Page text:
The Indiana bat copulates prior to hibernation and uses a method called delayed fertilization. The sperm is stored during the winter inside the cooled body of the female, and when spring comes and the bats leave their hibernacula, the female has the ability to control whether or not fertilization will occur. Her physical condition and resource availability determines her actions. This behavior can increase her chances for survival by not jeopardizing either her young or herself. Delayed fertilization is used also as a benefit to the males. After a long hibernation the males lack the physical fitness to mate during the spring when they are just waking up from the winter. Fertilization generally occurs sometime in April and the gestation period is around 60 days and usually results in a single pup once every year. Mothers will give birth in maternity roosts with other Indiana bats under the peeling or loose bark of some trees. Here, the young will mature for approximately a month before they attempt to fly and feed on their own. The life span of the Indiana bat is approximately 14 years. (Kurta, 1995, Menzel et. al, 2001).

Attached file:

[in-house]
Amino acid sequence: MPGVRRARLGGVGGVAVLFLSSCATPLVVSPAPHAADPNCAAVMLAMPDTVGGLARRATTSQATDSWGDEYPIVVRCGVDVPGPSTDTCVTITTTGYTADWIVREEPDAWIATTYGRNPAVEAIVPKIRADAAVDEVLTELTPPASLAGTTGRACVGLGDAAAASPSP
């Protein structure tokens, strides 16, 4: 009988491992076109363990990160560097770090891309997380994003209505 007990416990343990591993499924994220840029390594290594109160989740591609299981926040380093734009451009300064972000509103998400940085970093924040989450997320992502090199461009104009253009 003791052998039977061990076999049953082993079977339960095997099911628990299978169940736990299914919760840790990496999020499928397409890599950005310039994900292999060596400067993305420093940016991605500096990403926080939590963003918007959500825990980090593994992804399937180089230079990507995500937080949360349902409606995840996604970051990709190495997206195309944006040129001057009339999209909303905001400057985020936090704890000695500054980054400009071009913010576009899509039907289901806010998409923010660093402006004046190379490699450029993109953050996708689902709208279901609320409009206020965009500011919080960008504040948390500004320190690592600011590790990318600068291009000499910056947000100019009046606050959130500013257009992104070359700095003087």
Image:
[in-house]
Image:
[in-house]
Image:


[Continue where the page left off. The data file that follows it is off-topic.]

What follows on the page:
The Indiana bat occupies the central and eastern parts of the United States. During the summer 80% of this bat population will occupy trees of various species in forested areas. Green ash, red oak, shagbark, hickory, American elm, and cottonwood trees are commonly used. Other bats utilize different resources such as trees in less forested areas, bat houses, and other human built structures such as attics and poles. Generally, all roosts are near some sort of water source. During the fall this bat will migrate to a hibernacula. 85% of this population of Indiana bats hibernates in only 7 caves; two of these contain over half of this population. This indicates that the criteria for Indiana bat hibernacula are very limited. These hibernacula are generally limestone caves and old mine tunnels located in the central eastern part of the U.S.; mainly Tennessee and Kentucky. The airflow tends to be noticeable but not excessive or absent with the humidity somewhere around 70% to 100%. A large opening and high ceilings with winter temperatures at the lowest non-freezing point possible are preferred. These temperatures hover around the 2 to 5 degree C point. (Menzel et. al, 2001, Tuttle, 1988, Allen, 1939).